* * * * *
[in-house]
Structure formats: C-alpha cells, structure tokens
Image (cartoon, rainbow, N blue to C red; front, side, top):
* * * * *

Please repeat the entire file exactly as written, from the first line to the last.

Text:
[in-house]
Structure formats: C-alpha cells, structure tokens
Image (cartoon, rainbow, N blue to C red; front, side, top):